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Reconciliation Journey

Innovate RAP

Royal Far West is passionately committed to reconciliation.

Royal Far West has a long and proud history of supporting the health and wellbeing of children from rural and remote areas of Australia. A considerable proportion of children, families, and communities we have partnered with, supported, and served are First Nations people. We are committed to ensuring we provide culturally responsive and accountable health, education and disability services to Aboriginal and Torres Strait Islander children, families, organisations and communities.

Reconciliation at Royal Far West (RFW) is a journey we have been on for some time now and we see it being an important part of our organisational strategy, how we live our values of Caring, Connected, Passionate and Impact and informing our clinical service models and workforce development into the future as we create and enhance a safe cultural space for our client families and staff.

Our two- year long Innovate RAP (August 2023 – August 2025) builds on our Reflect RAP and provides a step by-step framework to ensure that the principles and actions RFW will apply and achieve will lead to a more culturally competent workforce and more culturally responsive environment for our Aboriginal and Torres Strait Islander community partners and families.

There is no doubt that the unacceptable gap in developmental vulnerability for Aboriginal and Torres Strait Islander children in Australia is underpinned by the effects of the trauma of colonisation, dispossession and ongoing systemic racism and injustice. We know that First Nations Leadership is critical to overcome these impacts.

We work closely with our Indigenous Advisory Group and our First Nations partners in community to guide us in our work and help redress this disadvantage.

Caroline Glass-Pattison, proud Wiradjuri woman, Aboriginal Education Officer, Royal Far West School.Caroline Glass-Pattison, proud Wiradjuri woman, Aboriginal Education Officer, Royal Far West School.

Lana Kelly, descendent of Gumbaynggirr tribe with Yaegl, Dunghutti and Yuin Ancestral bloodlines - Aboriginal Workforce Manager, HealthShare NSW.Kerry Walden, proud Gamilaraay woman. Aboriginal Educator at Narromine Public School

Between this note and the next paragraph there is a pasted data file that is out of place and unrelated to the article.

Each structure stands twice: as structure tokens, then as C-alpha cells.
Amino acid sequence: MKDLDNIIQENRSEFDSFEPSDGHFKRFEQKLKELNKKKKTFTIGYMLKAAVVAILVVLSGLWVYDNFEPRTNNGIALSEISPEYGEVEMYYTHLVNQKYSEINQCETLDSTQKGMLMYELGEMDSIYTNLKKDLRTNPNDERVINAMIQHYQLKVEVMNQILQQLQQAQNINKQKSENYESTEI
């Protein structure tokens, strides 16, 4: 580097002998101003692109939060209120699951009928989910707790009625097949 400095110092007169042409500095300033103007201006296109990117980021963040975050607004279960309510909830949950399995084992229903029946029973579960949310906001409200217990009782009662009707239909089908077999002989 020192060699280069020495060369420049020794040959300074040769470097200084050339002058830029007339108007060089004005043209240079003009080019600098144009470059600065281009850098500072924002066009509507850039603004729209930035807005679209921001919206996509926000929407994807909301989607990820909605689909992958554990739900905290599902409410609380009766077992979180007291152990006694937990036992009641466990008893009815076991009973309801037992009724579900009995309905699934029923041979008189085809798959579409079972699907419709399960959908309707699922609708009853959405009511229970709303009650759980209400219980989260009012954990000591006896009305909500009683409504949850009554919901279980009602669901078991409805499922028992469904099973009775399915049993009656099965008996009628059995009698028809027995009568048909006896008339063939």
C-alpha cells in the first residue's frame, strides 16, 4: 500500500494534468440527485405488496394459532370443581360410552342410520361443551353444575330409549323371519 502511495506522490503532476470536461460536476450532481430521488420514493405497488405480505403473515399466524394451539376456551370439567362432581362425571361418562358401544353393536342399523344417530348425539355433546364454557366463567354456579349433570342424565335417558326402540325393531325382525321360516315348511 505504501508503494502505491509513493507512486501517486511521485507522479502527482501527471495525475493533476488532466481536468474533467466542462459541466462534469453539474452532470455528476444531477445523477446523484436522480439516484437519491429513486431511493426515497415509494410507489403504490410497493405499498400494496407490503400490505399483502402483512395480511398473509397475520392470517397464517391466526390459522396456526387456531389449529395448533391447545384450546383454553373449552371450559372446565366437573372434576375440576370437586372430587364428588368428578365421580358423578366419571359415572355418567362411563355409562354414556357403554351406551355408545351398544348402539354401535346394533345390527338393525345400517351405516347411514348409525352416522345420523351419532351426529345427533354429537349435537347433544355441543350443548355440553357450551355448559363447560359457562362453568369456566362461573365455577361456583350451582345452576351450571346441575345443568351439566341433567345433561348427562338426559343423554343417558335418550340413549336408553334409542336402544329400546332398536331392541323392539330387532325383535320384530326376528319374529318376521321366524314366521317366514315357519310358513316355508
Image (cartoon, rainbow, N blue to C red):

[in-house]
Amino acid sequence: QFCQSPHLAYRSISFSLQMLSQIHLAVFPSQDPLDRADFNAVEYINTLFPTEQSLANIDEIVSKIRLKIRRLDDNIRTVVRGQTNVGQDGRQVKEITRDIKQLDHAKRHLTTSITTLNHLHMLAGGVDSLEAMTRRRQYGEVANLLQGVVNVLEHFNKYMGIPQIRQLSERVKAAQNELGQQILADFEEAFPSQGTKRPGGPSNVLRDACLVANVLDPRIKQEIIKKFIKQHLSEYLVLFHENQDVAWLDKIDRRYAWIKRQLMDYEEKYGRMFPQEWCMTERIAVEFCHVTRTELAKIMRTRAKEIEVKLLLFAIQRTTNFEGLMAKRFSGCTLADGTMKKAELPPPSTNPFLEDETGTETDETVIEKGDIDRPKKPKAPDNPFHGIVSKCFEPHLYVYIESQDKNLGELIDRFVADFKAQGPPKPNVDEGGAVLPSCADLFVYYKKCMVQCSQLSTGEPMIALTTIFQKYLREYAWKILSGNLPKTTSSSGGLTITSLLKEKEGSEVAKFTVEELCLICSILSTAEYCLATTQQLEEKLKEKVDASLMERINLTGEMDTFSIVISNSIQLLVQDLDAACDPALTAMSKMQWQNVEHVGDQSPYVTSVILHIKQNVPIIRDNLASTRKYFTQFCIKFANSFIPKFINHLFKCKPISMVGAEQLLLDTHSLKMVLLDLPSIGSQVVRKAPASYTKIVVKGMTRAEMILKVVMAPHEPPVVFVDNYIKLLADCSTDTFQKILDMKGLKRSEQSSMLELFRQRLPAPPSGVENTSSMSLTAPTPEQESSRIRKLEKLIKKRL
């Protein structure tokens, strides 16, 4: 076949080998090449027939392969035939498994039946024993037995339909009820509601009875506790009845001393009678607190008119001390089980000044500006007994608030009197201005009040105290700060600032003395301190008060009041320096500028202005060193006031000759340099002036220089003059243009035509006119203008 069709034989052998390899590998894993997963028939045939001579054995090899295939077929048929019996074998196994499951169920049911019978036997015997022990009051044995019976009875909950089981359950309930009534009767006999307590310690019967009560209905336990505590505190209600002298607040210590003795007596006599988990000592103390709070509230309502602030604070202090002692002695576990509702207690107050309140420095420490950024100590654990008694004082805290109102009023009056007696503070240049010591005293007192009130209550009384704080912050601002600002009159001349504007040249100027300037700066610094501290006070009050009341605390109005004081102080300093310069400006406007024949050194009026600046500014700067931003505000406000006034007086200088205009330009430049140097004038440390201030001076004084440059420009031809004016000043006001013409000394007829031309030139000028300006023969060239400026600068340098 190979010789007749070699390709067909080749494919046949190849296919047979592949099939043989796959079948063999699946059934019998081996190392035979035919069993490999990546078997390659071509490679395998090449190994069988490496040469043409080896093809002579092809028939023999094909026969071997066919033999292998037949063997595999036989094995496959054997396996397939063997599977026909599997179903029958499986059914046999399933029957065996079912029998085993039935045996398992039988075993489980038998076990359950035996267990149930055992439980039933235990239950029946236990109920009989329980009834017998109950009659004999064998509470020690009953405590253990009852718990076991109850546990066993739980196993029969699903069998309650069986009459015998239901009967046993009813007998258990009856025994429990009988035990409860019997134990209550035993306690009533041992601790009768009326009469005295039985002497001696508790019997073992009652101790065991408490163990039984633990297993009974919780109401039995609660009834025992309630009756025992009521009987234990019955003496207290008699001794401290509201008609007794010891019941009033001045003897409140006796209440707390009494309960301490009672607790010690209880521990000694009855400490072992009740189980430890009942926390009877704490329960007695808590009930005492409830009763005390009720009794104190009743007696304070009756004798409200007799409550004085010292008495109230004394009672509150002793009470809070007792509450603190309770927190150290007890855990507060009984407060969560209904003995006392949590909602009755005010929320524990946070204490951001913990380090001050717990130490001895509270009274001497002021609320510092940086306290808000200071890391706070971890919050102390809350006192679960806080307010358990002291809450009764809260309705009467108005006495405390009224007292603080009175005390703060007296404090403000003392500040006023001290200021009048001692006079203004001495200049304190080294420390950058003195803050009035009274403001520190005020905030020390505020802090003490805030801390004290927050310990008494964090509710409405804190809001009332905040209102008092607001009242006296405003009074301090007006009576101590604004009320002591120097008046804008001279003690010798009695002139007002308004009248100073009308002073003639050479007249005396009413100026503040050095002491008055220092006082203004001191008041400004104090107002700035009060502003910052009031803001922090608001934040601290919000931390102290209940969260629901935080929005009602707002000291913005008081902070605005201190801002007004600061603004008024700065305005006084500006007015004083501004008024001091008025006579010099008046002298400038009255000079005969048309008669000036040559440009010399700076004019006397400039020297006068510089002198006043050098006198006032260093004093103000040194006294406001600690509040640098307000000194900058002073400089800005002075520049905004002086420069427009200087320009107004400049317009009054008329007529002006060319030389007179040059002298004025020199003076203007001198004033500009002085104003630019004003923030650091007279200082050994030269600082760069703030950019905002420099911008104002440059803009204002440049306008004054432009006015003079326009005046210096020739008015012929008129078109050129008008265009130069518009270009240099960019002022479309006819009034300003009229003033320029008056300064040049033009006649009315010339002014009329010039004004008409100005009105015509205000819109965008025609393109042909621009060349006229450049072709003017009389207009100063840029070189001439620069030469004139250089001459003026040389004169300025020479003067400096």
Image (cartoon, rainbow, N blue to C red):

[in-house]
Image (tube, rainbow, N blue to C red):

Indigenous Advisory Group
  • Lana Kelly, descendent of Gumbaynggirr tribe with Yaegl, Dunghutti and Yuin Ancestral bloodlines – Aboriginal Workforce Manager, HealthShare NSW.
  • Caroline Glass-Pattison, proud Wiradjuri woman, Aboriginal Education Officer, Royal Far West School.
  • Pauline Bielefeld, proud Kamilaroi woman, and grandmother.
  • Kerry Walden, proud Gamilaraay woman. Aboriginal Educator at Narromine Public School

 

This Innovate RAP:

  • Highlights our reconciliation journey to date
  • Describes our current partnerships with First Nations services and community groups
  • Outlines existing activities and events we have engaged in to promote reconciliation
  • Specifies the key actions (focused on Relationships, Respect, Opportunities and Governance) we have committed to undertaking by August 2025.

Artist statement

Frances Belle Parker

This work, titled What lies within is intended to bring a feeling of peace, calm, clarity, understanding and reassurance. A sense of calm flows through the entire work bringing the viewer in and giving hope and direction.

Read the Full Artist Statement

The golden tree is the central component of this work that stands in the centre with large leaves. The tree blends into the gold and ochre land beneath it, firmly rooted in a land that depicts many different layers. The layers here represent many things including the paths we take in life, our underlying stories that shape all of us, as well as connections to country, places and people. At the very base of the work is a mapped river-way that snakes its way across, cutting through the land, depicting a sense of movement and flow.

In the top half of the image are lush, green, undulating hills that stand in contrast to the bright gold of the tree and the land. The hills contain many shapes and lines that give movement and depth as well as a shared sense of history. At the very top of the work is a starry night sky that seems to have a life of its own. The southern cross flashes brightly in the centre. Tying the hills to the land, and pulling the whole work together, are many dark spirit figures. They are all connected to each other to symbolise unity and strength and shared history. They meet at the golden tree in the centre of the work which contains a solitary figure representing rebirth, new-life, healing and peace.

Royal Far West is passionately committed to ensuring we provide culturally safe and accountable health, education and disability services to Aboriginal and Torres Strait Islander children, families, organisations and communities. We are also committed to advocating for equal access to services for all regional families, particularly our First Nations families.

Jacqueline Emery
Chief Executive Officer

Learn more about Royal Far West

About us

Royal Far West is Australia’s only national charity dedicated to improving the health and wellbeing of country children.

2022-2023 Annual Report

Sharing our yearly impact as we continue our mission of improving the health and wellbeing of country children and families.

2021-2025 Strategic Plan

Laying the Foundations for our future. Learn about how we plan to secure our ability to support country kids for the next 100 years.

We support the Uluru Statement from the Heart

We are passionately committed to working in genuine partnership with Aboriginal and Torres Strait Islander communities to realise the vision of the Uluru Statement.